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Conference explores current events in Kurdistan

December 22, 2014

Kurdistan panel

During a day of panels focused on “Kurdistan and the Changing Middle East” on Nov. 6, speakers from around the world provided material for discussions on “State-Society Relations in Northern Iraq,” “Dynamics of the Kurdish movement and governance in Turkey,” and “Regional Dynamics.” The event was sponsored by the UW Jackson School of International Studies.

Chris Rudy and Pinar OzhalChris Rudy, who attended the forum with his wife, Pinar Özhal, said a conference like this would not be possible in Turkey where his wife is from. “I can’t speak Kurdish,” said Özhal, whose family is from Diyarbakir, in the heart of Kurdish territory. “My family didn’t teach it to us because they wanted to keep us safe. The language has only been legal since I was 6.”

Since moving to the United States in 2007, Özhal sees her Kurdish background as a part of her identity. “I always say, ‘I’m from Turkey. I’m Kurdish.’ I feel the need to underline my ethnicity because we are oppressed,” she said. Özhal said she was glad to have the opportunity to hear different viewpoints from around the world.


During a panel on regional dynamics in the Middle East, an alphabet-soup of acronyms, such as KRG (Kurdistan Regional Government), KDP (Kurdistan Democratic Party), and PUK (Patriotic
Union of Kurdistan), were displayed on the overhead projector as a quick reference for attendees. Aliza Marcus, an author and journalist for Bloomberg News, emphasized that historically these groups have been isolated and not unified. Furthermore, treatment of the different groups has not been uniform. The PKK (Kurdistan Workers’ Party), which started as a militant organization seeking cultural and political rights from Turkey, is listed by many countries as a terrorist organization, whereas the PYD (Syrian Kurdish Party) is not listed as a terrorist organization, despite its close ties with the PKK.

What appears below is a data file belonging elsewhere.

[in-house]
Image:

Also, Iraq already has its own Kurdistan regional government, the Kurdistan Democratic Party, led by President Masoud Barzani.

Attendees listeningDespite the disconnect, Barzani does not want to see Kurdistan lost to ISIS – even if it means that his KDP must work with the PKK. There is also a fear that if Kobani falls there will be violent riots from Kurds both in the Middle East and in Europe. A Kurdish National Congress could bring together leaders of the different factions to create a more unified political stance, something that most Kurds would support, Marcus said.

The conference concluded with a keynote speech by Henri Barkey, a professor at Lehigh University who is widely quoted in publications such as Time and the Wall Street Journal about Kurdistan.

Raj Stephens, a senior airman in the U.S. Air National Guard and a UW student taking JSIS 200 and JSIS B311, attended Barkey’s lecture and a reception before the event. In the role of his Guard assignments, he studied what ISIS was doing in the Middle East. He was interested in hearing Barkey’s perspective about the implications of a Kurdish state in the region, which Barkey portrayed as unlikely since the other countries in the region will not support an independent Kurdistan.Barkey
With the Syrian border city of Kobani taking on increased symbolic significance in the fight against ISIS forces, Barkey said, the Kurds have never had it better, politically. But he said a desire by Kurds to have an independent nation are not likely to materialize anytime soon. Barkey said Turks do not want to have a separate Kurdish state and that countries in the Middle East have other priorities. In addition, Barkey reasoned, in the 20th century Kurdistan can get most of what it wants without its own country. It doesn’t need to raise taxes or conscripts for an army, he said, and there are other ethnic groups living in Kurdistan that would resist independence.

Group pictureBarkey criticized U.S. policy in the region as “pragmatic foreign policy with no organizing principle or ambition.” He said the Obama administration didn’t pay enough attention to Iraq because they just wanted to get out. “Under Prime Minister Maliki things were documented, but they didn’t do anything about it. The Iraqi army was not capable of fighting ISIS. These were knowns, but nothing was done,” he said.


By Kristina Bowman